The operator of a cruise ship that ran aground off Italy's west coast blamed the captain for the accident, saying on Monday his actions had caused the disaster in which at least six people died.
At a news conference in Genoa, the head of Costa Cruises, a unit of Carnival Corp, rejected suggestions that the sheer size of the cruise ship had made it impossible to evacuate the more than 4,000 people onboard safely.
"These ships are ultra-safe. It is an exceptional event, which was unforeseeable," Chairman and chief executive Pier Luigi Foschi said, fighting back tears as he answered questions.
"The company will be close to the captain and will provide him with all the necessary assistance, but we need to acknowledge the facts and we cannot deny human error," he said.
The 114,500-tonne Costa Concordia vessel capsized on Friday night as passengers were sitting down to dinner and now lies on its side near the port of Giglio off the Tuscan coast.
Captain Francesco Schettino was arrested on Saturday and accused of manslaughter and abandoning the ship before all of the people were evacuated. With rescue operations suspended on Monday morning, 16 people were still unaccounted for.
Foschi said the ship had deviated from the correct route when it hit rocks near the coast, tearing a large hole in the hull, and that the captain had contravened company's safety procedures.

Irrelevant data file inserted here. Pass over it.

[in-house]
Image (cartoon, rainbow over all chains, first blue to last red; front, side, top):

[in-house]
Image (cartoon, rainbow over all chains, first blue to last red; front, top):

"The company disavows such behaviour, which caused the accident," he said.
Prosecutors have accused Schettino, who has worked for Costa Crociere since 2002 and was promoted to captain in 2006, of leaving the ship before the evacuation was complete.
Coastguard officials have said he had refused to return to the vessel when asked to.
Foschi said the company had not had access to internal communication records but had "internal witness accounts" suggesting the captain stayed on board for a long time after the accident. He said the rest of the crew behaved like "heroes".
Schettino has told Italian television the ship hit rocks that were not marked on maps and were not detected by navigation systems. He said the accident occurred 300 metres from shore.
Foschi said 2,300 tonnes of fuel were aboard the vessel but that there was no sign of leakage so far, as concerns grew of an impending environmental disaster if the giant ship breaks apart.
He said removing such a big vessel from its rocky resting place would be "one of the most difficult things in the world."
The priority would be to seal any holes caused by the accident, and then the ship could possibly be lifted by giant balloons and towed away.
But he said he could not rule out that the ship would have to be cut into pieces in order to be removed from the scene.
Foschi said the accident would likely hurt the cruise industry in the short-term but did not expect a lasting fallout.
"We have one million loyal customers are hoping that the reputation of our company will be repaired."